What proportion of published results are wrong?
This is a good question, and a fiendishly tricky one. No one knows the answer, which is likely to be different in different research fields.
A large and impressive effort to answer the question for social and cognitive psychology was published in 2015. Led by Brian Nosek and his colleagues at the Center for Open Science, the Replicability Project: Psychology (RP:P) had 100 research groups around the world each carry out a careful replication of one of 100 published results. Overall, roughly 40 replicated fairly well, whereas in around 60 cases the replication studies obtained smaller or much smaller effects.
The 100 RP:P replication studies reported effects that were, on average, just half the size of the effects reported by the original studies. The carefully conducted replications are probably giving more accurate estimates than the possibly p hacked original studies, so we could conclude that the original studies overestimated true effects by, on average, a factor of two. That’s alarming!
How to avoid p hacking
The best way to avoid p hacking is to avoid making any selection or tweaks after seeing the data. In other words, avoid questionable research practices. In most cases, the best way to do this is to use preregistration.
Preregistration requires that you prepare in advance a detailed research plan, including the statistical analysis to be applied to the data. Then you preregister the plan, with date stamp, at the Open Science Framework or some other online registry.
Then carry out the study, analyse the data in accordance with the plan, and report the results, whatever they are. Readers can check the preregistered plan and thus be confident that the analysis was specified in advance, and not p hacked. Preregistration is a challenging new idea for many researchers, but likely to be the way of the future.
Estimation rather than p values
The temptation to p hack is one of the big disadvantages of relying on p values. Another is that the p<.05 criterion encourages black-and-white thinking: an effect is either statistically significant or it isn’t, which sounds rather like saying an effect exists or it doesn’t.
But the world is not black and white. To recognise the numerous shades of grey it’s much better to use estimation rather than p values. The aim with estimation is to estimate the size of an effect – which may be small or large, zero, or even negative. In terms of estimation, a false positive result is an estimate that’s larger or much larger than the true value of an effect.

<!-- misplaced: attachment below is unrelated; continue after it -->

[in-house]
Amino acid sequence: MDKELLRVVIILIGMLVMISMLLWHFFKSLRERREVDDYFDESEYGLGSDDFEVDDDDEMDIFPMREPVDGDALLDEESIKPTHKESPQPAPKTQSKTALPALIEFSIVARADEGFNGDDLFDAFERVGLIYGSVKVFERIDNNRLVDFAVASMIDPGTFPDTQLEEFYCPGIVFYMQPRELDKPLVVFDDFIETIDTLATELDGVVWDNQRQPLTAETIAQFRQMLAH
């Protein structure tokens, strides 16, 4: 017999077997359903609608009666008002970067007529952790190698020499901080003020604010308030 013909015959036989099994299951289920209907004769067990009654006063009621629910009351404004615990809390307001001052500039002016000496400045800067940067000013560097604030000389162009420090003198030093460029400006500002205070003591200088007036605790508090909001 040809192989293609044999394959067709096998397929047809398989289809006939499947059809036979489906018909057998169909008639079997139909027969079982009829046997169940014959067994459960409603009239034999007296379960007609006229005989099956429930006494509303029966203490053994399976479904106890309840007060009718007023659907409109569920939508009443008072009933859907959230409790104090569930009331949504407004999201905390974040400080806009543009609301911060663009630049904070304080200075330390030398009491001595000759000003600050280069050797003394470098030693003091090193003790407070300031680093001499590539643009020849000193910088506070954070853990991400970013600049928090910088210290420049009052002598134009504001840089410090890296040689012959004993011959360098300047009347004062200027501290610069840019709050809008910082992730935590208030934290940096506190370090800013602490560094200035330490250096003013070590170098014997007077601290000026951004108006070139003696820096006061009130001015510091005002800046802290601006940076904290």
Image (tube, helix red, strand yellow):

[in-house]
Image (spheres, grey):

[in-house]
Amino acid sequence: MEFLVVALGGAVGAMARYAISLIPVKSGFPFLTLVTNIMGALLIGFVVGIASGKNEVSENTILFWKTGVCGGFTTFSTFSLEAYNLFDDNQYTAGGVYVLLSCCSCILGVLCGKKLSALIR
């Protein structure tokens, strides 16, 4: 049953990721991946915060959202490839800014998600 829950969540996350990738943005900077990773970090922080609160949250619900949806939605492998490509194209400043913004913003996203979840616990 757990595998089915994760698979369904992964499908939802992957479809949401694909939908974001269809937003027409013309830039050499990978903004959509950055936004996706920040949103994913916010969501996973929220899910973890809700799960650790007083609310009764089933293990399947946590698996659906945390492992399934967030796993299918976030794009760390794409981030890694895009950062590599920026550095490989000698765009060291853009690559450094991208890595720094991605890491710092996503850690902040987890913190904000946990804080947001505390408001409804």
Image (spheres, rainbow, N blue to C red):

Let’s take a hypothetical study on the impact of therapy. The study might, for example, estimate that therapy gives, on average, a 7-point decrease in anxiety. Suppose we calculate from our data a confidence interval – a range of uncertainty either side of our best estimate – of [4, 10]. This tells us that our estimate of 7 is, most likely, within about 3 points on the anxiety scale of the true effect – the true average amount of benefit of the therapy.
In other words, the confidence interval indicates how precise our estimate is. Knowing such an estimate and its confidence interval is much more informative than any p value.
I refer to estimation as one of the “new statistics”. The techniques themselves are not new, but using them as the main way to draw conclusions from data would for many researchers be new, and a big step forward. It would also help avoid the distortions caused by p hacking.
Statistics is a useful tool for understanding the patterns in the world around us. But our intuition often lets us down when it comes to interpreting those patterns. In this series we look at some of the common mistakes we make and how to avoid them when thinking about statistics, probability and risk.
1. Assuming small differences are meaningful
Many of the daily fluctuations in the stock market represent chance rather than anything meaningful. Differences in polls when one party is ahead by a point or two are often just statistical noise.
You can avoid drawing faulty conclusions about the causes of such fluctuations by demanding to see the “margin of error” relating to the numbers.
If the difference is smaller than the margin of error, there is likely no meaningful difference, and the variation is probably just down to random fluctuations.
2. Equating statistical significance with real-world significance
We often hear generalisations about how two groups differ in some way, such as that women are more nurturing while men are physically stronger.
These differences often draw on stereotypes and folk wisdom but often ignore the similarities in people between the two groups, and the variation in people within the groups.
If you pick two men at random, there is likely to be quite a lot of difference in their physical strength. And if you pick one man and one woman, they may end up being very similar in terms of nurturing, or the man may be more nurturing than the woman.